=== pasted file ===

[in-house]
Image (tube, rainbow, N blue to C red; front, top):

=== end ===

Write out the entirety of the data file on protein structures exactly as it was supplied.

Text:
[in-house]
Image (tube, rainbow, N blue to C red; front, top):